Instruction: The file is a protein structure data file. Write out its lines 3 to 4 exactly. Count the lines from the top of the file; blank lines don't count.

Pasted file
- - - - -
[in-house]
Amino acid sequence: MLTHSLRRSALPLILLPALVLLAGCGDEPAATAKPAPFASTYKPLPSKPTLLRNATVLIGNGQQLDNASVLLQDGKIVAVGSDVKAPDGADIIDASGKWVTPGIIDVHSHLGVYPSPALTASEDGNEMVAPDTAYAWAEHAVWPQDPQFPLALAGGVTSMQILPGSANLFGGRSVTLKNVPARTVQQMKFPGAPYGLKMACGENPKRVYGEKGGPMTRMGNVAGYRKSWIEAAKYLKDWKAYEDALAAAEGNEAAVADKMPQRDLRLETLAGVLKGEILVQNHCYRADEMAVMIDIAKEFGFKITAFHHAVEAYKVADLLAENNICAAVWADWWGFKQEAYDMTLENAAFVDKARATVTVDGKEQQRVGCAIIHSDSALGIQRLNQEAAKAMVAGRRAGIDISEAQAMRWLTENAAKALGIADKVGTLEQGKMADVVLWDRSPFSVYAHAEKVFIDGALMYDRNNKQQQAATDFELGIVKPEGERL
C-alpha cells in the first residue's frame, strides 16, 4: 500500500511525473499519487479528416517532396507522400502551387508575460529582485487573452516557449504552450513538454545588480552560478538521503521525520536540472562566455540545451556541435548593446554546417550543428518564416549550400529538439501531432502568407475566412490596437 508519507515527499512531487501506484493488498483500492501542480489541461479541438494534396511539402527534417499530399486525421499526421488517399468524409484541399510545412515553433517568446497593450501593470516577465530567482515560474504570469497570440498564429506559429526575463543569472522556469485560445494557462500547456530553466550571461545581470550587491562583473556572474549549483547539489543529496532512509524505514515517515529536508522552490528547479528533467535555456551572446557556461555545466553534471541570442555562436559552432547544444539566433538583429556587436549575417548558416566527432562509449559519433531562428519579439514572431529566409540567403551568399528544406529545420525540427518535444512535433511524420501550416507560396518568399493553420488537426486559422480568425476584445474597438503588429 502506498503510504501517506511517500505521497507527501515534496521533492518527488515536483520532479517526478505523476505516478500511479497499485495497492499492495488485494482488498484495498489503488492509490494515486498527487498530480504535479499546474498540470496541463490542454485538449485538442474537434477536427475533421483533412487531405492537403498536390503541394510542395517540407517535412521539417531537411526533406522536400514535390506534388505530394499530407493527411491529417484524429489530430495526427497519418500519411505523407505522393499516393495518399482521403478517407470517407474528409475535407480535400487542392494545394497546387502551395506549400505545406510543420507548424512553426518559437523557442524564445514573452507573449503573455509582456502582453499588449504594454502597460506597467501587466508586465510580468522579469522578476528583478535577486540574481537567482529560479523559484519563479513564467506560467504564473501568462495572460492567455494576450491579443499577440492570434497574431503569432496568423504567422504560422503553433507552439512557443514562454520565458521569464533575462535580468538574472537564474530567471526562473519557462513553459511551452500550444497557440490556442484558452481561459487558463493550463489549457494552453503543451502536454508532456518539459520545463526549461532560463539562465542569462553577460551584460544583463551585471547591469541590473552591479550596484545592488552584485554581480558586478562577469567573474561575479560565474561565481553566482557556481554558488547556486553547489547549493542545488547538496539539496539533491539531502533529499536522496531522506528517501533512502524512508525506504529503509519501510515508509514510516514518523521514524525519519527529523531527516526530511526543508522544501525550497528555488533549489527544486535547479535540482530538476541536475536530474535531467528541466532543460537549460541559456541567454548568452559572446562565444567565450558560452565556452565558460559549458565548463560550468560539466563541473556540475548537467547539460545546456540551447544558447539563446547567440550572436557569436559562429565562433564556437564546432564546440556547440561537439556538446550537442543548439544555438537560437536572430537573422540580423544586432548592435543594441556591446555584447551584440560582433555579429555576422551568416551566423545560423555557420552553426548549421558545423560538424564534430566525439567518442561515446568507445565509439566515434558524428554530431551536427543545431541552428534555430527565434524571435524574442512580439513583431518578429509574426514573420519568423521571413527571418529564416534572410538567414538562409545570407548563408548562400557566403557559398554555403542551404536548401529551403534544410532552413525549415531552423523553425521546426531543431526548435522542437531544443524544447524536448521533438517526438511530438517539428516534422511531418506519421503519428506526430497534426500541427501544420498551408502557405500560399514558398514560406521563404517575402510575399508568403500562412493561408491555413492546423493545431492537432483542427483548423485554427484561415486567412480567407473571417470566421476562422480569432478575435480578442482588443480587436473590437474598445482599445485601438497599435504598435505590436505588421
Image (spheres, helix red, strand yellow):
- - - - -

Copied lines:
C-alpha cells in the first residue's frame, strides 16, 4: 500500500511525473499519487479528416517532396507522400502551387508575460529582485487573452516557449504552450513538454545588480552560478538521503521525520536540472562566455540545451556541435548593446554546417550543428518564416549550400529538439501531432502568407475566412490596437 508519507515527499512531487501506484493488498483500492501542480489541461479541438494534396511539402527534417499530399486525421499526421488517399468524409484541399510545412515553433517568446497593450501593470516577465530567482515560474504570469497570440498564429506559429526575463543569472522556469485560445494557462500547456530553466550571461545581470550587491562583473556572474549549483547539489543529496532512509524505514515517515529536508522552490528547479528533467535555456551572446557556461555545466553534471541570442555562436559552432547544444539566433538583429556587436549575417548558416566527432562509449559519433531562428519579439514572431529566409540567403551568399528544406529545420525540427518535444512535433511524420501550416507560396518568399493553420488537426486559422480568425476584445474597438503588429 502506498503510504501517506511517500505521497507527501515534496521533492518527488515536483520532479517526478505523476505516478500511479497499485495497492499492495488485494482488498484495498489503488492509490494515486498527487498530480504535479499546474498540470496541463490542454485538449485538442474537434477536427475533421483533412487531405492537403498536390503541394510542395517540407517535412521539417531537411526533406522536400514535390506534388505530394499530407493527411491529417484524429489530430495526427497519418500519411505523407505522393499516393495518399482521403478517407470517407474528409475535407480535400487542392494545394497546387502551395506549400505545406510543420507548424512553426518559437523557442524564445514573452507573449503573455509582456502582453499588449504594454502597460506597467501587466508586465510580468522579469522578476528583478535577486540574481537567482529560479523559484519563479513564467506560467504564473501568462495572460492567455494576450491579443499577440492570434497574431503569432496568423504567422504560422503553433507552439512557443514562454520565458521569464533575462535580468538574472537564474530567471526562473519557462513553459511551452500550444497557440490556442484558452481561459487558463493550463489549457494552453503543451502536454508532456518539459520545463526549461532560463539562465542569462553577460551584460544583463551585471547591469541590473552591479550596484545592488552584485554581480558586478562577469567573474561575479560565474561565481553566482557556481554558488547556486553547489547549493542545488547538496539539496539533491539531502533529499536522496531522506528517501533512502524512508525506504529503509519501510515508509514510516514518523521514524525519519527529523531527516526530511526543508522544501525550497528555488533549489527544486535547479535540482530538476541536475536530474535531467528541466532543460537549460541559456541567454548568452559572446562565444567565450558560452565556452565558460559549458565548463560550468560539466563541473556540475548537467547539460545546456540551447544558447539563446547567440550572436557569436559562429565562433564556437564546432564546440556547440561537439556538446550537442543548439544555438537560437536572430537573422540580423544586432548592435543594441556591446555584447551584440560582433555579429555576422551568416551566423545560423555557420552553426548549421558545423560538424564534430566525439567518442561515446568507445565509439566515434558524428554530431551536427543545431541552428534555430527565434524571435524574442512580439513583431518578429509574426514573420519568423521571413527571418529564416534572410538567414538562409545570407548563408548562400557566403557559398554555403542551404536548401529551403534544410532552413525549415531552423523553425521546426531543431526548435522542437531544443524544447524536448521533438517526438511530438517539428516534422511531418506519421503519428506526430497534426500541427501544420498551408502557405500560399514558398514560406521563404517575402510575399508568403500562412493561408491555413492546423493545431492537432483542427483548423485554427484561415486567412480567407473571417470566421476562422480569432478575435480578442482588443480587436473590437474598445482599445485601438497599435504598435505590436505588421
Image (spheres, helix red, strand yellow):